'The stars aligned': Pa. FFs, EMTs recognized for rescuing man from house fire
Multiple Mechanicsburg firefighters and EMTs happened to be in the area for one of the worst fires in recent memory
The Sentinel, Carlisle, Pa.
MECHANICSBURG, Pa. — When Savannah Toddes and James Archer showed up to their usual training night with the Mechanicsburg Fire Department on Aug. 3, they didn't expect to be pulling an actual person out of an actual fire.
But somehow, as Mechanicsburg Fire Chief Gary Neff put it, "the stars aligned" for multiple emergency personnel to coincidentally be in the area for one of the worst fires in recent memory.
On Tuesday night, in a ceremony at a borough council meeting, Neff presented Toddes and Archer with medals of valor — the highest honor given by the department — as well as issuing service medals and citations to nearly 20 others who were involved in the high-stakes rescue last month.
Presenting the awards alongside Neff was Ronald Troxell, the man they saved.
Emergency personnel recognized for rescue of man from Mechanicsburg firehttps://t.co/rn4LifL1J3— The Sentinel (@cumberlink) September 23, 2021
"It was a blessing. I could've been gone," Troxell said. "Truly, like Gary said, the stars were in line."
The call came in just before 6 p.m. for a structure fire at the Simpson Street duplex where Troxell lived. At the same time, volunteer firefighters were arriving at the fire station just down the street for training, which typically starts at 7 p.m. with a 6:30 rig check, Neff said.
This meant that a veteran commander, Capt. Lynn Fernbaugh, was already nearby along with a sizable group of firefighters, and many other volunteers happened to live nearby and were able to get on the scene quickly.
Even more fortunate, at a time when many volunteer companies are seeing their ranks thin with age, Mechanicsburg had a contingent of young recruits on hand at the critical moment.
At ages 19 and 22, respectively, Archer and Toddes were the search team to first locate Troxell, Neff said. The Aug. 3 incident was Archer's first fire after moving up from a junior member to a fully trained interior firefighter; Toddes, who started as a junior volunteer at age 14, also works as an EMT and is going to nursing school.
"There's nothing better as an incident commander than when Savannah says 'I got it, chief,'" Neff said.
Toddes said she first saw Troxell's shorts on the stairs, where he had collapsed; she and Archer immediately began pulling him down, and other firefighters arrived to help carry him out of the building. At that time, Neff said, much of the second story of the duplex was engulfed in thick, black smoke.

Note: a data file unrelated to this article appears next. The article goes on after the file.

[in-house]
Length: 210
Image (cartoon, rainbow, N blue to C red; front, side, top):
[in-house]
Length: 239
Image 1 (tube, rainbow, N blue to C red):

Archer said there wasn't much going through his head at the time, "just the training." But even after rehearsing rescues many times, the real thing is different, Toddes said.
"It was kind of surreal," she said. "I knew there was a victim in there but then once I found him, it just kind of took me a second, like 'this isn't a dummy, it's not training, this is the real thing.'"
Further, Neff said, it was fortunate that an ambulance from Silver Spring EMS happened to be in the area and came to the scene without being called. Even more remarkable, Dr. Richard Luley, an emergency room physician, happened to live nearby and was able to accompany Troxell to the hospital.
"Dr. Luley didn't close those doors, he got in," Neff said.
Troxell has no memory of the rescue, he said. The last thing he can recall is leaving his bedroom to try to get down the stairs; roughly 24 hours later, he came to in the burn unit at Lehigh Valley Hospital Cedar Crest, where he had been taken by helicopter shortly after arriving by ambulance at Holy Spirit Hospital.
In fact, Neff said, it was some hours before fire crews learned that Troxell was expected to live, despite having been taken out of the building with only the faintest of vital signs.
His burn injuries were actually few to none, Troxell said, but he suffered serious lung trauma from smoke inhalation, and was hospitalized for two weeks. He's now living with a co-worker and back at his job, although his respiratory system isn't yet fully recovered.
The fire originated on the back porch of Troxell's unit. State fire marshals have not determined a cause, Neff said.
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